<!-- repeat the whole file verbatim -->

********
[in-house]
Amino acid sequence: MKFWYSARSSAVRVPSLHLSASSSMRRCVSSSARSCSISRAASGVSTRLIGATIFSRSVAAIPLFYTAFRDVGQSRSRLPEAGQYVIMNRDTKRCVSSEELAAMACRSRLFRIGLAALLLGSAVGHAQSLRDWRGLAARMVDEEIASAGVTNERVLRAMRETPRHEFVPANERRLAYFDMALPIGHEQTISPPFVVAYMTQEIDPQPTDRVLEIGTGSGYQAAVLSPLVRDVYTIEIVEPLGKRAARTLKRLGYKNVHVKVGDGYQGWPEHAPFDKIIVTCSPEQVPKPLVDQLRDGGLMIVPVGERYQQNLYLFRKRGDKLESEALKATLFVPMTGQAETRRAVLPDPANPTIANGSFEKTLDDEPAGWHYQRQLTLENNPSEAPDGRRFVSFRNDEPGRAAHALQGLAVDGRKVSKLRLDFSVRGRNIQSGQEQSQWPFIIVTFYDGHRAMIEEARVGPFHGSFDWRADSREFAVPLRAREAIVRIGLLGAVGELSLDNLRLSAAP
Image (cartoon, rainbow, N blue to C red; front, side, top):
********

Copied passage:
[in-house]
Amino acid sequence: MKFWYSARSSAVRVPSLHLSASSSMRRCVSSSARSCSISRAASGVSTRLIGATIFSRSVAAIPLFYTAFRDVGQSRSRLPEAGQYVIMNRDTKRCVSSEELAAMACRSRLFRIGLAALLLGSAVGHAQSLRDWRGLAARMVDEEIASAGVTNERVLRAMRETPRHEFVPANERRLAYFDMALPIGHEQTISPPFVVAYMTQEIDPQPTDRVLEIGTGSGYQAAVLSPLVRDVYTIEIVEPLGKRAARTLKRLGYKNVHVKVGDGYQGWPEHAPFDKIIVTCSPEQVPKPLVDQLRDGGLMIVPVGERYQQNLYLFRKRGDKLESEALKATLFVPMTGQAETRRAVLPDPANPTIANGSFEKTLDDEPAGWHYQRQLTLENNPSEAPDGRRFVSFRNDEPGRAAHALQGLAVDGRKVSKLRLDFSVRGRNIQSGQEQSQWPFIIVTFYDGHRAMIEEARVGPFHGSFDWRADSREFAVPLRAREAIVRIGLLGAVGELSLDNLRLSAAP
Image (cartoon, rainbow, N blue to C red; front, side, top):